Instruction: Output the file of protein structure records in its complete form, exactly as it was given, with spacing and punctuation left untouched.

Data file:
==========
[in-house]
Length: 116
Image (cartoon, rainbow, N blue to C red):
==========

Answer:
[in-house]
Length: 116
Image (cartoon, rainbow, N blue to C red):